If you’re a tourist, your home country license and an international driving permit are valid during your vacation.   And if you’ve moved to France, you can continue to drive legally for one year on your home country documents.   (The year begins from the date on your carte de séjour.)  Some authorities suggest that you get an official translation of your foreign driver’s license but frankly, I’ve never heard of anyone having this done.

After one year, you can only drive legally and continue coverage with your auto insurance company if you have a French driver’s license.    If you are a resident of one of the 14 states in the U.S. listed below, you are in luck because you can actually exchange your existing license for a French license.  (These states have an agreement with the French government to issue U.S. permits to French citizens living in those states.)  The states are:  Arkansas, Colorado, Connecticut, Delaware, Florida, Illinois, Kansas, Kentucky, Michigan, New Hampshire, Ohio, Pennsylvania, South Carolina and Virginia.  If you don’t live in these states and you don’t want to go through the hassle of getting a French license otherwise, you might think about getting a license in one of these states before you become a resident of France. The residence requirements for getting a driver’s license in some states is very loose and in the long run, this can save you a lot of time and money.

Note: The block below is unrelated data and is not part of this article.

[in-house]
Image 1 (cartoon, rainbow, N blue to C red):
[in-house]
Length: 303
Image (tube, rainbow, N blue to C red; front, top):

Residents of the Canadian provinces of Quebec, New Brunswick, Ontario, and Newfoundland can also exchange their licenses.  If you have a valid driver’s license from another EU country, this is also recognized as legally valid.

The exchange process is handled by the préfecture of police and like many other administrative processes, can take awhile. The sooner you start, the better. According to the U.S. embassy Web site, you will need to have the following documents:

  • a form to request the driver’s license (available at the préfecture).